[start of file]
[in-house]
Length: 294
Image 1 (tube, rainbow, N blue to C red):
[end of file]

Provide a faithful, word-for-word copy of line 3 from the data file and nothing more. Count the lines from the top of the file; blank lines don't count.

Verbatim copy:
Image 1 (tube, rainbow, N blue to C red):